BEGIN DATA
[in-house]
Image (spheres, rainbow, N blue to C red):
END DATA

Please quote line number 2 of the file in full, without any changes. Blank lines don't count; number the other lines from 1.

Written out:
Image (spheres, rainbow, N blue to C red):